Sunday, June 1, 2008

NREGS and foodgrain prices

There have been some recent reports of agriculture labour shortages and rise in the wages of agriculture labour, from many parts of the country. Given the overwhelming presence of National Rural Employment Gurantee Scheme (NREGS) in these areas, questions are being raised about the schemes contribution to these outcomes.

The NREGS is the flagship poverty alleviation program of the Government of India, which seeks to guarantee atleast 100 days of employment every year to the rural poor. It seeks to enhance livelihood security by providing assured Rs 60 per day for 100 days of employment a year to one member of every rural unemployed family

Is NREGS, atleast partially, responsible for this? Is NREGS exerting a "crowding in" effect on labour in the rural areas? Is the alternative availability of NREGS bidding up wage costs in villages? Is NREGS ultimately responsible for higher foodgrain prices? If only theoretically, all the aforementioned remains strong possibilities.

Higher labour costs will ensure that the long exploited agriculture labour will start getting their rightful wages from atleast now. But since labour is a significant component of agriculture costs, any rise in this input cost will put upward pressure on foodgrain prices. Production costs will rise, and atleast a share of the increase will be passed on to the consumers by way of higher foodgrain prices. Whether this is the sequence of events and NREGS' contribution to it, is yet to be fully analyzed.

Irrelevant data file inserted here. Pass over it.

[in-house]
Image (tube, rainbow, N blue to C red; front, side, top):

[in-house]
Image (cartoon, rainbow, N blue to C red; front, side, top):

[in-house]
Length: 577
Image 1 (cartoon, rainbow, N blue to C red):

But, higher wages for agriculture labour and higher prices for agriculture products may actually end up increasing, rather than decreasing, foodgrain production. The favorable turn in terms of trade for agriculture produce may incentivize farmers to make more investments in agriculture and increase their production.

If NREGS is indeed responsible for higher rural wages, then the scheme may have unwittingly enough achieved its objective of ensuring higher incomes for rural labour. That community assets like irrigation channels and small connecting roads have been created in the process is a bonus. But are these gains sustainable? That will be the true yardstick for measuring the success of NREGS.

There are a few other issues that needs to be analyzed to understand the full impact of the scheme. How are the increased incomes being spent? What has been its impact on agriculture production itself? What has been the impact of the scheme on socio-economic outcomes like school enrollment and retention, nutritional and health care parameters?

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